The Department of Transportation and the Environmental Protection Agency today finalized joint rules setting tougher emission standards for medium- and heavy-duty motor vehicles, steps that will cost heavy-duty truck fleets and owner-operators billions of dollars in compliance-related expenses. But the federal government said the move will yield a rapid payback as advanced vehicle technology allows fleets to operate more efficiently in the years ahead.
The rules, drafted by EPA and DOT's National Highway Traffic Safety Administration (NHTSA), run from 2018 to 2027. For heavy-duty trucks, the standards will be phased in over three stages, starting in 2021. The requirements will toughen steadily over three intervals, in 2021, 2024, and 2027. For trailers, the rules take effect in 2018 and step up in 2021, again in 2024, and finally in 2027.
In their statement, EPA and NHTSA said compliance with the rules should cut carbon emissions by about 1.1 billion metric tons by 2027, which is about 10 percent more than the agencies projected they would save before their proposed rule was circulated for public comment. Fuel costs will be cut by about $170 billion as consumption gets slashed by two billion barrels over the cumulative lifetimes of the vehicles sold during the program, EPA and NHTSA said.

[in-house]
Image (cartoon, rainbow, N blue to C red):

The agencies said the fuel savings derived from utilizing higher-efficiency vehicles "more than offset the costs" at every step of the program. A buyer of a heavy-duty vehicle in 2027 will realize a full payback in less than two years, the agencies said.
The statement did not describe how such a return would be achieved. The agencies have said that a tractor-trailer built in 2027 would cut fuel use and CO2 emissions by 24 percent compared to the current standards, which took effect in 2014 and will end in 2018. Trailer owners and operators would see an 8-percent efficiency boost over the same time period.
The American Trucking Associations (ATA), which represents larger fleets, expressed cautious optimism. It supported the phase-in plan—believed to be the longest implementation period of any rule in the trucking industry's history. ATA also acknowledged that the efficiency benefits could be captured. It emphasized, however, that the rule's success would depend on fleets' comfort levels in purchasing the new technologies.
The Owner-Operator Independent Drivers Association (OOIDA), which represents the nation's owner-operated fleets, echoed ATA's view that truckers have the most influence on fuel economy because of their training, and that manufacturers should be given a "more common-sense timetable" that balances industry and environmental needs, rather than being forced to comply with potentially unrealistic and harmful standards set by Washington.
The Environmental Defense Fund (EDF) applauded the measure, calling it a big step forward for the environment, public health, and the economy. The rules will save American households $235 a year in the short term, and $400 by 2035 as lower fuel costs result in lower shipping expenses, said EDF, citing Consumer Federation of America data. More than 300 companies, mostly shippers, came out in support of tough final standards, EDF said.